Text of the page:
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Firing Someone? Here are Five Questions for You

Firing Someone? Here are Five Questions for You

As a recruiter, or a person in the position of hiring and  firing, the latter is a much tougher decision to make. The ‘art of firing’ is not easy, and it takes skill and knowledge to be able to make an informed and confident decision of firing someone. To fire someone should never be a spontaneous, knee-jerk response to what we consider as a ‘one off’ incident. It is true that sufficient thought is put into the structure of firing someone – there is at least a basic protocol in place in most organisations. However, most of these preparations are geared towards the firing meeting itself.

It is important to understand exactly “why” you are making the decision to fire someone – you owe this to your organisation as well the employee you are firing. Besides preparing this way helps you articulate yourself better, which inevitably makes the process easier. A great way to prepare yourself before you fire someone is by asking/ going over these five questions.

  1. Why am I firing him?

    This is the first question that you will have to tackle, and the first thing that you will have to tell the employee in question about. Knowing “why” you are going ahead with this decision makes the whole meeting a lot easier and quicker, because you are convinced about the main reason for your decision. Not being clear about this particular question in your head is going to have you go round in circles, make the process longer, and maybe even messy. Knowing your reasons will you help you make it quick, effective and efficient.

  2. When should I fire him?

    Just like ending romantic relationships, no matter how long you wait for the “right time” there will never be one. The moment you realize your reason for wanting to let go of the employee, you need to work towards implementing it. This post on Undercover Recruiter says it best:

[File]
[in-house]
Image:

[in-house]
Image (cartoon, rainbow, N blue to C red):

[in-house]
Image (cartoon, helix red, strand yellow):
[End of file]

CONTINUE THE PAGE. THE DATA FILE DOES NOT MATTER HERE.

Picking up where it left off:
“Conventional wisdom says you should fire someone on Friday afternoon or Monday morning. But conventional wisdom is wrong. You should fire someone as soon as you’ve taken the decision and understand every detail of how you’re going to execute it – from the moment you’re telling the employee “you are fired” to the time they leave the office.”
    By detail of execution, they mean everything from an experience letter, to the severance pay check.

  3. How should I fire him?

    There is only one answer to this question – no matter what your reason is for the decision, execute it in the most dignified and kind manner possible.

  4. Is any personal bias influencing the decision?

    In case there is any bias or prejudice involved in the decision to fire the employee concerned, it should come through when you answer the very first question. However, it is not always necessary that the bias/ prejudice or even the reason stated to you would be something you have a deep awareness of. In which case, before executing the decision, do you bit to find out exactly why the employee concerned is being fired, and let any personal bias or prejudice be the very last reason! Remember, you are not just the messenger, your responsibility is a much greater one.

  5. Am I having second thoughts?

    Then halt the decision, and ask yourself all the above questions all over again until you are sure exactly why you are letting go of the employee concerned. A hasty, half-thought through decision can reflect terribly upon the morale of the rest of your employees as well. Remember that the person in question has friends at work, and people will eventually find out. That can’t be healthy for the team in any way.

To fire someone is never easy. But being prepared can make this otherwise emotionally draining process a little easier. It is hard, but at some point or the other you will have to make the decision of letting someone you feel isn’t the right fit for the organisation, go. Being a leader is also about knowing when and how to make these decisions. And preparation can help you do it in a kind, informed yet firm manner!